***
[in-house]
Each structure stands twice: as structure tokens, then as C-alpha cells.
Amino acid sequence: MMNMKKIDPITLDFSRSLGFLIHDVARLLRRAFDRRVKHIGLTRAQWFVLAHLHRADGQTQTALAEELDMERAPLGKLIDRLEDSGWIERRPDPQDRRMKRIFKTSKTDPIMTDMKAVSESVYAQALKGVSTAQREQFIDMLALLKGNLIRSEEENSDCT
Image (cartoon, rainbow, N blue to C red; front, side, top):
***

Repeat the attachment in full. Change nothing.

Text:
[in-house]
Each structure stands twice: as structure tokens, then as C-alpha cells.
Amino acid sequence: MMNMKKIDPITLDFSRSLGFLIHDVARLLRRAFDRRVKHIGLTRAQWFVLAHLHRADGQTQTALAEELDMERAPLGKLIDRLEDSGWIERRPDPQDRRMKRIFKTSKTDPIMTDMKAVSESVYAQALKGVSTAQREQFIDMLALLKGNLIRSEEENSDCT
Image (cartoon, rainbow, N blue to C red; front, side, top):